The important thing is to be sure to read your warranty information in its entirety so that you know what you need to do to stay compliant. For example, the SYM warranty requires that all scheduled maintenance be done and on time in order for them to pay for any defects. What does this mean? It means that during your warranty period, you should have your dealer perform all the scheduled maintenance on your scooter. This applies to all scooters, not just SYM. It’s just a good idea. This ensures there’s a record of everything being done to your scooter and when. That way if you do have an expensive, catastrophic mechanical failure under warranty, there’s no question that the OEM should cover it. Plus, your dealer will already know your scooter and know what has and hasn’t been done to it.
In the end, what does and does not get covered under warranty is a decision made between your dealer and the manufacturer. Of the two, your dealer has the biggest influence. They’re the ones on the ground there with your scooter, not the OEM. The manufacturer doesn’t often send out adjustors like an insurance company, so the key to dealing with warranty issues is mostly you working it out with your dealer.
How to deal with your dealer
All warranty work is done by your dealer, and then their part and labor expenses are reimbursed by the manufacturer. This is why you can’t get free warranty work done at your local non-dealer mechanic. There has to be a relationship with the OEM or they won’t get paid. If they can’t get paid by the OEM, they’re going to charge you instead. Follow these basic tips when dealing with your dealer:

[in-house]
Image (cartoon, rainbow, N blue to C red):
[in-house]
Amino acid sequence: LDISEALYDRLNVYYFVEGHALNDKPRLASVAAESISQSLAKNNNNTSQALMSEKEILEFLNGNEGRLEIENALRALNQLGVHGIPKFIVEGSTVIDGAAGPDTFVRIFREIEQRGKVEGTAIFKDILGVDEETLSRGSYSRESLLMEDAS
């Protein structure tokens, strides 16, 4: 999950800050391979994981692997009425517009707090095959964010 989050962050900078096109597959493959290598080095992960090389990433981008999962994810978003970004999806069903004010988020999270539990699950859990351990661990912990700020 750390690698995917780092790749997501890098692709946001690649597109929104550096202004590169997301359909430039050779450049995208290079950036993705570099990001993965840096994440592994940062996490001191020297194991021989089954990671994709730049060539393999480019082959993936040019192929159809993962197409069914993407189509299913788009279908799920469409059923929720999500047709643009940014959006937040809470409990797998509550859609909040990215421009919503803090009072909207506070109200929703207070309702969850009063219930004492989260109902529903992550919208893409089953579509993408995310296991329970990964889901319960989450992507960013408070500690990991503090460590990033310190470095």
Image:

- • Be nice and be patient. You getting something for free is actually at their discretion. Don’t act entitled. Help them like you.
- • Give them all the necessary information about the problem you’re having.
- • Don’t over-share. If your switch has stopped working, don’t talk about the variator weights. Don’t be dishonest, but keep it relevant.
- • Remember, the dealer wants to get paid for service work. The manufacturer will pay them for warranty work on your scooter, so there’s an incentive there for them to help you. That goes back to tip #1. Help them help you by being a good, easy-to-deal-with customer.
How much should I worry about Roadside Assistance?